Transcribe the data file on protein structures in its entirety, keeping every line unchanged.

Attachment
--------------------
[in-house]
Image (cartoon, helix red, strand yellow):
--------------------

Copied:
[in-house]
Image (cartoon, helix red, strand yellow):